As part of my cell phone’s daily random news, this popped up a couple of days ago – SpaceX says 12,000 satellites isn’t enough, so it might launch another 30,000: https://arstechnica.com/information-technology/2019/10/spacex-might-launch-another-30000-broadband-satellites-for-42000-total/.
.SpaceX is seeking permission to launch another 30,000 low-Earth orbit (LEO) satellites for its Starlink broadband network, which would be in addition to the nearly 12,000 satellites the company already has permission to launch. But it’s too early in the process to determine whether SpaceX is likely to launch most or all of the additional 30,000 satellites.
The Federal Communications Commission made the requests on SpaceX’s behalf, as is standard practice, in a series of filings with the International Telecommunication Union (ITU) last week. (Here’s an example of one of the filings.) The 30,000 satellites would operate “at altitudes ranging from 328 kilometers to 580 kilometers,” SpaceNews reported yesterday.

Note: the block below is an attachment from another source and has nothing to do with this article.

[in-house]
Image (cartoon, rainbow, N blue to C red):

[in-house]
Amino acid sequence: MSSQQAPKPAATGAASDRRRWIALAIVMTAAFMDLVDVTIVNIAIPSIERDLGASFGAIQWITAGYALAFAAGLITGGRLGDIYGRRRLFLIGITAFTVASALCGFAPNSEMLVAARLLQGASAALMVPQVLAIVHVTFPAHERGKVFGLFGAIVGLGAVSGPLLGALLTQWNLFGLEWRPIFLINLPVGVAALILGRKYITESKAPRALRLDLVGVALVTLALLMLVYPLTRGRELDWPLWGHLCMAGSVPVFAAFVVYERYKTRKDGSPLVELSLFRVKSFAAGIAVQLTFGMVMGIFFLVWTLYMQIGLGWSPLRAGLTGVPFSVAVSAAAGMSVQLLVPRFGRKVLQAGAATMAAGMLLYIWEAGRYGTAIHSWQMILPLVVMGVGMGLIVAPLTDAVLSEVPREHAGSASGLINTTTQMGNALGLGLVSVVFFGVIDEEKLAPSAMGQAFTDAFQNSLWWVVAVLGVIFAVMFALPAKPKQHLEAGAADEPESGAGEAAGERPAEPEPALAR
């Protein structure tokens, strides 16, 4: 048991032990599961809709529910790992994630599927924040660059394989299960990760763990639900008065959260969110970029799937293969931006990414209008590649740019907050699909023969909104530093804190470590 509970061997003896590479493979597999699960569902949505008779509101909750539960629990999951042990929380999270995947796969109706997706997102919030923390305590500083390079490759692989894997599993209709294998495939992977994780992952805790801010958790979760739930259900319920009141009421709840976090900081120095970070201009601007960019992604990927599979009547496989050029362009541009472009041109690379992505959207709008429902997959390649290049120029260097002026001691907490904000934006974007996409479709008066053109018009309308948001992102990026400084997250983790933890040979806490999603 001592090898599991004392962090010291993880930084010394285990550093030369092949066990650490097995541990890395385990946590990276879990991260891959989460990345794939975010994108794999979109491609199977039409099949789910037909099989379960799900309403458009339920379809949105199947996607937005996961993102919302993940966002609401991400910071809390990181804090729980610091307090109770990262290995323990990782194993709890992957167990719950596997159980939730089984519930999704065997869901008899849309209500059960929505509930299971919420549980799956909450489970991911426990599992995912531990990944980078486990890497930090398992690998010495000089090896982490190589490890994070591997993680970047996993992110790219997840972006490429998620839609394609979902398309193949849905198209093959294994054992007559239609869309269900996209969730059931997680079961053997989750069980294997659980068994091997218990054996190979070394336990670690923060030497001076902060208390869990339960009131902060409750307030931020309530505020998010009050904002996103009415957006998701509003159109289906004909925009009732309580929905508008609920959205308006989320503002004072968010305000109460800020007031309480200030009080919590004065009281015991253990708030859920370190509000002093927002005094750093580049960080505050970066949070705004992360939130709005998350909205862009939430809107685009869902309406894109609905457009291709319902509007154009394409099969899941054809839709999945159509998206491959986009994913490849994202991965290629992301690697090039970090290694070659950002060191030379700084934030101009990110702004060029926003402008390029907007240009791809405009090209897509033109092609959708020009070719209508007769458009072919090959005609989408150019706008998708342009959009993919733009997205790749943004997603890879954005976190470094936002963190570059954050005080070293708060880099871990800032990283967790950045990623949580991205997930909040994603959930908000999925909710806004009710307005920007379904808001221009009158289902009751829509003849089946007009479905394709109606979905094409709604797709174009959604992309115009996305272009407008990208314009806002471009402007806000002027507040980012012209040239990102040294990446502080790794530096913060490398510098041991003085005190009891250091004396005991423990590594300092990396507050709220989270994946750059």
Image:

Dramatic expansion in satellites orbiting Earth
SpaceX is facing competition in the nascent low-Earth satellite broadband market from OneWeb, Space Norway, Telesat, and Amazon. Broadband delivered by low-Earth satellites should provide faster speeds and lower latencies than traditional satellites, which orbit at much higher altitudes. SpaceX has said it intends to provide gigabit speeds and latency as low as 25ms, but the company hasn’t revealed how much the service will cost.
SpaceX’s constellation alone would dwarf the total number of satellites orbiting Earth today. As of January 2019, about 8,950 satellites had been placed into Earth orbit since 1957, and about 5,000 of those were still in space, according to the European Space Agency (ESA). Only about 1,950 of those are still functioning.
Here are some other articles:
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